When it comes to achieving President Barack Obama’s Precision Medicine Initiative -- an effort to laser-target medical care based on patients' genetic make-up -- collaboration among researchers is key.
So a team at the Food and Drug Administration is launching a crowdsourced platform to provide a digital environment for members of the genomics community to work together.
PrecisionFDA is a cloud-based research and development portal designed to allow researchers to analyze genome data and run comparisons against reference material, such as sample data widely accepted. FDA launched the project in July, and a team of developers devoted to the project released a closed beta version of the site earlier this month. In just a few weeks, the site will transition into a beta format.
But with the onslaught of federal agency breaches, the question of securing a platform containing piles of genome data that anyone could potentially access by simply applying for an account is an important one.
“Privacy and security is not something you sprinkle on top at the end,” said Taha Kass-Hout, FDA’s chief health informatics officer, in an interview with Nextgov. “We worried a lot about meeting industry standards and federal standards as far as the infrastructure...
The new top IT official at the Department of Veterans Affairs told lawmakers Tuesday she is meeting with her staff this week to discuss the future of a planned upgrade of the department’s in-house electronic health record system.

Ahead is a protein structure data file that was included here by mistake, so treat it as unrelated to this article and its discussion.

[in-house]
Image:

The meeting comes after an independent report by MITRE Corp. concluded the homegrown system, first developed in the 1980s and still highly rated by clinicians, is “in danger of becoming obsolete.”
Amid ongoing concerns about the multiple, failed attempts to develop interoperable electronic health records between VA and the Defense Department, the report recommended VA conduct a cost-analysis of upgrading the Veterans Health Information Systems and Technology Architecture, known as VistA, compared to using open source EHRs and commercial off-the-shelf options.
LaVerne Council, the assistant VA secretary for information and technology and the agency’s chief information officer, will review the business case for the VistA upgrade along with VA Undersecretary of Health Dr. David Shulkin and then “determine the next steps,” Council told a joint congressional subcommittee hearing Tuesday.
VA, DOD Take Separate Paths on EHR Upgrades
In the two years since VA and DOD scrapped a plan to develop an integrated electronic health record, VA has been working on...
Federal Government spending on ‘obsolete technology’ continues to increase. Supporting the twin pillars of improved digital service delivery for citizens on the one hand, and the increasingly optimized and flexible working practices for federal employees on the other, are neither easy nor inexpensive tasks. This whitepaper explores how federal agencies can leverage the value of existing agency technology assets while offering IT leaders the ability to implement the kind of employee productivity, citizen service improvements and security demanded by federal oversight.
IT Transformation Trends: Flash Storage as a Strategic IT Asset
MIT Technology Review: Flash Storage As a Strategic IT Asset For the first time in decades, IT leaders now consider all-flash storage as a strategic IT asset. IT has become a new operating model that enables self-service with high performance, density and resiliency. It also offers the self-service agility of the public cloud combined with the security, performance, and cost-effectiveness of a private cloud. Download this MIT Technology Review paper to learn more about how all-flash storage is transforming the data center.